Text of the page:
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Ohio Auditor, other office holders buy self-promoting giveaways

DAYTON, August 2, 2009 (AP): State leaders have spent more than $225,000 in the last two and a half years on items like tote bags, mouse pads, and polo shirts to promote their offices and their names.

State Auditor Mary Taylor, a Republican who serves as the state’s money watchdog, spent $57,816 since taking office in January 2007 on calendars, magnets and posters for local finance officials as well as Ohio history CDs for school children, according to a review of spending records by the Dayton Daily News.

Most of the items have Taylor’s name and photo on them.

Taylor spokesman Chris Abbruzzese defended the purchase of the items.

``These are not grocery bags or water bottles or dime store trinkets that serve no purpose other than self-promotion,'' he said.

Rather, he noted, the calendars are given to local government officials and include financial reporting deadlines and the posters include fraud reporting hot lines.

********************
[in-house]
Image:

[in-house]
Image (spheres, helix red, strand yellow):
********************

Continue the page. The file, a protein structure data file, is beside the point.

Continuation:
Gov. Ted Strickland, a Democrat, didn’t spend any money on promotional items, his office said in response to a public records request.

Last year, the Ohio Supreme Court spent $662 on coffee mugs for new employees but the cups do not have the names of the seven justices on them.

But State Treasurer Kevin Boyce, a Democrat appointed seven months ago, spent more than $32,000 on promotional material, including water bottles, grocery bags, and pencils, the paper found.

Attorney General Richard Cordray, a Democrat who won election seven months ago, bought $8,824 worth of pens, letter openers, and note pads.

Cordray’s predecessors, Nancy Rogers and Marc Dann, spent more. On Rogers' watch, the attorney general's office purchased $37,814 worth of giveaways including $17,000 in flash drives. It's unclear whether any of these items had her name on them.

Dann, a Democrat who resigned in May 2007, used his office accounts to purchase beaded necklaces, umbrellas, golf shirts, coffee mugs, hand sanitizer and lapel pins. He rang up $80,900 in purchases for promotional items, many with his name emblazoned on them.

Secretary of State Jennifer Brunner, a Democrat now running for U.S. Senate, bought $8,579 worth of memo pads, carrying bags, and polo shirts. The 135 embroidered polo shirts cost $2,269 and are used by staff during work hours for identification purposes at events such as the state fair, said Brunner press secretary Jeff Ortega said.

Information from: Dayton Daily News, http://www.daytondailynews.com






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